Three teens used music to turn the destruction of drug abuse and addiction into music and hope.
The winners of the second annual MusiCares and GRAMMY Foundation's Teen Substance Abuse Awareness through Music Contest featured compelling stories of addiction and recovery. Two entrants wrote their submissions while in treatment; a third wrote a song about how his sister’s addiction affected the whole family.
The 1st place winners were Harvie and Amanda, two teens currently in treatment at the Phoenix House Academy in Los Angeles, CA. Their entry, an original song entitled "Like a Phoenix in the Air," chronicles their feelings about being teens in drug treatment and their desire to rise above their addictions “even with a broken wing.” The song ends with the lyrics "Cuz I may fall one hundred times before I sleep, but I promise you I'll get back up tomorrow."
The 2nd place winner, Kevin Simmons, wrote “My Life” while at the Healing Lodge of the Seven Nations, a residential center in Spokane Valley, WA. Kevin told his story of addiction and recovery through powerful lyrics that included, “My life was over until I got sober, but I found another way to get through life.”
The 3rd place winner is 14-year-old Grant Davis, a student at Silver State High School in Carson City, NV. In his entry, “Just a Child,” the young lyricist referenced his experience growing up in a family dominated by his older sister's struggle with addiction. He created a haunting but hopeful composition that included the lyrics, “You were not supposed to be in charge of the world created for me.”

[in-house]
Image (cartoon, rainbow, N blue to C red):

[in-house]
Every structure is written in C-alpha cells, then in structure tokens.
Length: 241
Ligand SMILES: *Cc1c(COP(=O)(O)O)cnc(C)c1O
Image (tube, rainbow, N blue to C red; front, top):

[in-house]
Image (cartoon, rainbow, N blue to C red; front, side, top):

Composers of all three winning entries will have the opportunity to attend the 54th Annual GRAMMY Awards Backstage Experience, a special backstage tour that includes watching artists rehearse for the live GRAMMY Awards show early in 2012. Also, the winners will have their musical entries posted on the GRAMMY 365 and MTV Web sites, as well as on the Above the Influence campaign site. They will each receive a small cash award from the Visions Adolescent Treatment Center in Malibu, CA, and a certificate from NIDA acknowledging their role in spreading the word about health about substance abuse.
How Do You Cope?
In a video essay, 2nd-place winner Kevin added, “Whenever I have a bad day I go to my room with a pencil and paper and write down how I feel.”
What do you do to cope with stress, anxiety, or when you’re just feeling low? Tell us in the comments what works to help you through life’s rough patches.
Visit NIDA’s Web site to listen to the winning songs
. Read the official press release